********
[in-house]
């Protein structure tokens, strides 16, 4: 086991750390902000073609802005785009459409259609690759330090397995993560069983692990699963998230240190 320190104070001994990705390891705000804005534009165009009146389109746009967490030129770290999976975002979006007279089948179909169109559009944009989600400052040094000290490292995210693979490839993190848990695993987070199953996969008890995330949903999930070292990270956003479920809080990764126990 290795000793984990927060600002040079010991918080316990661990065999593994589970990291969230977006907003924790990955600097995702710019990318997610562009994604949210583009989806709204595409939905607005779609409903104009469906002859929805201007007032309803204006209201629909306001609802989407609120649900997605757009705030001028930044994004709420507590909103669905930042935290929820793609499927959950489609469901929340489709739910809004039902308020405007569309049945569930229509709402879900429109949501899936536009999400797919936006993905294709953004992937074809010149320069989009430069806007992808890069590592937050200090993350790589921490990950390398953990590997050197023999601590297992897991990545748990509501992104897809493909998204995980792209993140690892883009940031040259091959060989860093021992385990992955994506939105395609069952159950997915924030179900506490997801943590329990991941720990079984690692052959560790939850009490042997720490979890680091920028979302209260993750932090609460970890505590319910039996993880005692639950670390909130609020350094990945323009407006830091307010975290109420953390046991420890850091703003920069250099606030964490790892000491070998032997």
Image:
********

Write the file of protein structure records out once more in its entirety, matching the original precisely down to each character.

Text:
[in-house]
């Protein structure tokens, strides 16, 4: 086991750390902000073609802005785009459409259609690759330090397995993560069983692990699963998230240190 320190104070001994990705390891705000804005534009165009009146389109746009967490030129770290999976975002979006007279089948179909169109559009944009989600400052040094000290490292995210693979490839993190848990695993987070199953996969008890995330949903999930070292990270956003479920809080990764126990 290795000793984990927060600002040079010991918080316990661990065999593994589970990291969230977006907003924790990955600097995702710019990318997610562009994604949210583009989806709204595409939905607005779609409903104009469906002859929805201007007032309803204006209201629909306001609802989407609120649900997605757009705030001028930044994004709420507590909103669905930042935290929820793609499927959950489609469901929340489709739910809004039902308020405007569309049945569930229509709402879900429109949501899936536009999400797919936006993905294709953004992937074809010149320069989009430069806007992808890069590592937050200090993350790589921490990950390398953990590997050197023999601590297992897991990545748990509501992104897809493909998204995980792209993140690892883009940031040259091959060989860093021992385990992955994506939105395609069952159950997915924030179900506490997801943590329990991941720990079984690692052959560790939850009490042997720490979890680091920028979302209260993750932090609460970890505590319910039996993880005692639950670390909130609020350094990945323009407006830091307010975290109420953390046991420890850091703003920069250099606030964490790892000491070998032997």
Image: